‘She's My Sister-In-Law, My Visitor, My Friend’ – Challenges of Staff Identity in Home Follow-Up in an HIV Trial in Western Kenya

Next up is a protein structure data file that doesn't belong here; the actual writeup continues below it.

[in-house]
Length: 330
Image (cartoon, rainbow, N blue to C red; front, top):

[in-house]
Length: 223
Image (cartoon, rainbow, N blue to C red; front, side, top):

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Identities ascribed to research staff in face-to-face encounters with participants have been raised as key ethical challenge in transnational health research. ‘Misattributed’ identities that do not just deviate from researchers' self-image, but obscure unequivocal aspects of researcher identity – e.g. that they are researchers – are a case of such ethical problem. Yet, the reasonable expectation of unconcealed identity can conflict with another ethical premise: confidentiality; this poses challenges to staff visiting participants at home. We explore these around a case study of ‘follow-up’ staff, observed during an ethnographic study of a Kenyan HIV ‘trial community’, which included participant observation, conversations, and interviews with staff (n = 79) and participants (n = 89). We found that because of the need to maintain confidentiality and because of some suspicions towards researchers, research staff drew upon alternative identities – presenting themselves to non-participants as relatives or friends, rather than as researchers. Several staff experienced this as necessary but uncomfortable. Simultaneously, staff and participants forged close relations in line with their fictional identities, which however also posed challenges because they entailed personal responsibilities that were difficult to live up to, due to limited resources, and the trial's limited duration. Similar challenges may arise in transnational HIV treatment programmes and should be explored further in that context.

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